About Us
Write for Us
Media Info
Advertising Info

France unveils new strategies to prevent food waste

Food waste

(NaturalNews) Over 7 million tons of food are thrown out each year in the United Kingdom alone. For just a moment, imagine London's Wembley stadium being filled to the brink with food, overflowing with meats and cheeses, fruits and vegetables. The amount of food wasted yearly in the U.K. could fill this stadium nine times over! This is perfectly good food that could have been shared with the homeless and the hungry, the downtrodden and the poor.

The problem of food waste is even more severe on a worldwide scale. Every year, 1.3 billion tons of food is wasted throughout the world. There is more than enough food being produced right now to end world hunger, but large volumes of good food are falling through the cracks of our food distribution systems. Many laws and health department regulations restrict supermarkets and manufacturers from sharing their unsold food products with the hungry because of food safety concerns.

Most supermarkets and restaurants insist on throwing food in the dumpster instead of donating it, because owners fear they will be held liable if the food sickens someone. In some places, food that is thrown out can be written off as a business loss, or tax break. Instead of giving credit for food waste, policies could be implemented to encourage supermarkets to drastically reduce the price of foods that are going out of date or about to spoil.

In France, 15% of food waste comes from restaurants, 11% from shops, and a staggering 67% is wasted by consumers. Some foods do spoil before they can be eaten, but the bigger problem that needs to be addressed is the spoiled mindset of consumers who now expect food to look perfect and be readily available at their beck and call. Tons of food are wasted because customers and merchants don't like or approve of the way the food looks. Supermarkets reject food that doesn't meet customer demand and appetites. So much is thrown away based on appearance alone.

In France, supermarkets will now be required to donate unsold food to food banks

Soon, the food banks of France will be overflowing with various kinds of food that was once thrown out and left to spoil. A grassroots campaign in France seeks to keep unsold food out of the dumpster, putting it in the hands of the needy. Going forward, large French supermarkets measuring greater than 400 square meters (approx. 4,300 square feet), will now be required to donate unsold food items to food banks. Food banks will then be tasked with giving the food out to those in need, in a dignified manner.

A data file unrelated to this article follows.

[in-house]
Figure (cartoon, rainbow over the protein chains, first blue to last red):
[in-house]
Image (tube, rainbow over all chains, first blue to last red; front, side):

Food that is approaching its best-before date will no longer be thrown out. Store management will be required to sign donation contracts with charities to make better use of unsold product. If they don't, they could face big fines and up to two years imprisonment. This brilliant move will boost supermarket donations by 15%, and help the food banks supply an additional 10 million meals to hungry people each year.

Additionally, supermarkets will no longer be allowed to deliberately spoil food to keep people out of their bins. The law also makes it easier for manufacturers of food products to donate their excess directly to charities. In the past, excess supermarket brand name products had to go through a complicated process to be donated. Now the excess products can be donated directly.

The campaign was started by Arash Derambarsh, a municipal councilor for Courbevoie. He says, "The next step is to ask the president, Francois Hollande, to put pressure on Jean-Claude Juncker and to extend this law to the whole of the EU. This battle is only just beginning. We now have to fight food waste in restaurants, bakeries, school canteens and company canteens."

Jacques Bailet, who is in charge of several French food banks, says that the law is, "positive and very important symbolically. ... Most importantly, because supermarkets will be obliged to sign a donation deal with charities, we'll be able to increase the quality and diversity of food we get and distribute," he adds. "In terms of nutritional balance, we currently have a deficit of meat and a lack of fruit and vegetables. This will hopefully allow us to push for those products."

Sources include:



Receive Our Free Email Newsletter

Get independent news alerts on natural cures, food lab tests, cannabis medicine, science, robotics, drones, privacy and more.

comments powered by Disqus
Most Viewed Articles

Natural News Wire (Sponsored Content)

Science News & Studies
Medicine News and Information
Food News & Studies
Health News & Studies
Herbs News & Information
Pollution News & Studies
Cancer News & Studies
Climate News & Studies
Survival News & Information
Gear News & Information
News covering technology, stocks, hackers, and more